One in a series of digests designed to help you live frugally while still having fun! Available at The Old Schoolhouse Magazine's School Store by subscription or individually.
Here’s a confession: In the past, I have been somewhat put-off by “Molly Green” and her money-saving digests that cost me money to buy -- because, well, I always suspected she wasn’t “real.” And, the fact of the matter is, she’s not. That is, she’s not an individual, “fur-real” person. She’s like the Betty Crocker of frugality. (Sorry if I just burst your bubble on Betty! I used to think she was “real,” too!:)
As the Econobusters website states, “Molly was created as a symbol of ‘everywoman’ who is trying to do the best for her family and home in today’s challenging economy.” The goal of this economically savvy icon “is to underscore the importance of home and family, and to offer continual evidence that frugality does not mean drudgery . . . it can be fun, creative, and immensely fulfilling.” You know – I can live with that. In fact, I quite like the idea! I know I can sure use repeated reminders – and new insights on how to make my role “fun, creative, and immensely fulfilling.”
So, with a new and improved attitude, I embarked on reading the January 2010 issue of Molly’s Money-Saving Digest: Evaluate, Prioritize, Organize with the goal of reviewing it as a potential member of The Old Schoolhouse Magazine’s Product Review Crew.
As suggested by the sub-title, this issue is about evaluating, prioritizing, and organizing one’s household. Being one who tends to allow herself to be governed by her stuff instead of the other way around, I thought it was apropos; I can use all the help I can get. Even my husband, who skimmed through the pages of the e-book, was impressed by the “Tips and Tools for Organization,” which include forms for a budget, a daily to-do list, and a family clothing inventory, the latter of which I never would have even thought to create, though it’s such a sensible idea. While the week’s worth of menu plans would not work for our family’s particular needs, I like the fact that it includes a detailed shopping list and visually appealing photos of most menu items.
I love being inspired by creative ideas and approaches to various aspects of life (hence the very existence of my blog!), and this issue of Molly’s digest did inspire me – and my twelve year-old daughter, who often asks if she can bake something. When she asked recently, I agreed and urged her to try the recipe for “In-a-Pinch Pie Crust” that was featured in “The HomeMaker’s Mentor Lesson” section of the digest. I like the fact that the author acknowledges that “a homemade pie crust isn’t the standard of a loving homemaker” – and that she just encourages us to experiment and create simply because we can, and because it’s worthwhile to do so. Indeed, that’s what my daughter did. She had to apply her own “in-a-pinch” experiment when part way into the endeavour she discovered we didn’t have enough all-purpose flour. So she topped it up with some coconut flour that we had on hand. That dough looks pretty good, doesn't it?
And here's the finished pie -- an apple pie:
Now, I will admit that the coconut flour rather altered the taste of the crust. Nonetheless, the baking adventure was a success! (I’ll bet it would have been even tastier if we’d had the ingredients to try the fancy, creamy pecan topping described at the end of the lesson!) Of course, we could have expanded the learning by including a little fractions lesson with the “littles” in our family, as the author suggests, but there was too much anticipation of the pie to dwell on the mathematics of it all!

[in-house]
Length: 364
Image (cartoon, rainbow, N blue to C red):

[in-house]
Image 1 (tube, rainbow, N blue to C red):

Equally inspiring to me are the artistic projects – with a purpose -- for both adults and children in this edition of the digest. Detailed instructions and photo illustrations outline how to “Feather Your Nest – Frugally” with inexpensive, homemade verses and photo-edited pictures, as well as photo and jewelry display structures (“Something Old – Something New”). Similarly, children are encouraged to learn about saving money by creating their own papier maché piggy banks using easily accessible household materials. This latter activity is supplemented with a mini lesson on chequing accounts, including a sample “checkbook ledger” and mock cheques. (My American friends – I’m sorry if all this Canadian spelling is messing with your brains!)
A personal story by Amy Howard, some letters from readers, an article about how to evaluate, prioritize, organize one’s time, money, and “stuff,” and a “Directory of Links” conclude the e-book. Each is informative and helpful. Having received the digest digitally, I love the fact that I could easily click on the links and immediately access even more information and ideas. As a result, I discovered songbirdtiff, a blog that offers even more inspiration to us all! In my opinion, the modern mix of text and technology is brilliant! (That's one of the things I love about TOS in general!)
So, will I give in and subscribe to Molly's Money-Saving Digest? Not at the moment -- it's not in the budget. (And I know Molly would respect that!) Will I consider purchasing an issue some time in the future? Absolutely! I'm a fan now :)
Even if the digest doesn't interst you, check out the Econobusters website for other resources, including a free newsletter and a free menu planning e-book! You can't go wrong with freebies!
Update: I have decided to give up a couple of little weekly luxuries in order to subscribe to Molly's Money-Saving Digest after all. I think it'll be better for me in the long run;)
(Please note: I am not paid to write this review. I have been asked simply to write an honest opinion in exchange for personal use of the product.)